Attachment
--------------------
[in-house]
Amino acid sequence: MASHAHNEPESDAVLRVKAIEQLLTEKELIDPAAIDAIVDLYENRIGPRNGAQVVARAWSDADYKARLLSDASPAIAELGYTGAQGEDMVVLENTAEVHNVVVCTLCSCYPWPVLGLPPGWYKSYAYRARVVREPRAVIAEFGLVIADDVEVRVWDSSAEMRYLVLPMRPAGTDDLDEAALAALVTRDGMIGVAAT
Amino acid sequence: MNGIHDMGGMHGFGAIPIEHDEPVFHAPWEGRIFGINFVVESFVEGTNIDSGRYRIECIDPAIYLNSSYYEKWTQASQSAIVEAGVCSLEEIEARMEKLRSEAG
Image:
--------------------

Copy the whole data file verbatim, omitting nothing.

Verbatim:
[in-house]
Amino acid sequence: MASHAHNEPESDAVLRVKAIEQLLTEKELIDPAAIDAIVDLYENRIGPRNGAQVVARAWSDADYKARLLSDASPAIAELGYTGAQGEDMVVLENTAEVHNVVVCTLCSCYPWPVLGLPPGWYKSYAYRARVVREPRAVIAEFGLVIADDVEVRVWDSSAEMRYLVLPMRPAGTDDLDEAALAALVTRDGMIGVAAT
Amino acid sequence: MNGIHDMGGMHGFGAIPIEHDEPVFHAPWEGRIFGINFVVESFVEGTNIDSGRYRIECIDPAIYLNSSYYEKWTQASQSAIVEAGVCSLEEIEARMEKLRSEAG
Image: